Developing countries are paying the cost of poverty while missing out on the economic benefits of increased internet access.

Women and the Web, a study sponsored by Intel, reveals that bringing an additional 600 million women online would contribute at least $13-18 billion to annual GDP across the developing world.

Increasing internet access in developing countries would also increase participation in e-commerce and increase access to educational resources and health services.

Want to help in the global fight to end poverty?

Mobilizing your congressional leaders to endorse poverty-reducing legislation has a widespread impact on reducing the high cost of poverty. For example, the Digital GAP Act aims to bring affordable, first-time internet access for at least 1.5 billion people in developing countries by 2020 and would help to bridge the digital divide. This will greatly facilitate change and decrease the way that poverty hinders economic growth.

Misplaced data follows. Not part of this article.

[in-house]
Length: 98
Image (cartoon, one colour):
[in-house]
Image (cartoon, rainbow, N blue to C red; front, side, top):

Please visit The Borgen Project’s action center for more information on how you can contact your congressional leaders and voice your support for innovative, poverty-reducing legislation.

Daniela Sarabia

Photo: Pixabay

Digital DivideA report released by the World Bank shows that while technology has expanded, more people have remained poor. This phenomenon is often referred to as the digital divide.

The World Bank finds that more households in developing countries own a mobile phone than have access to electricity or clean water, according to “Digital Dividends,” its 2016 World Development Report.

The digital divide is created because most benefits for private enterprises arrive instantly, such as streamlined communication and information, online convenience and social connectivity throughout the global community.

The investments from these enterprises would ideally generate employment growth and services for those in the developing world — but progress there is more stagnant.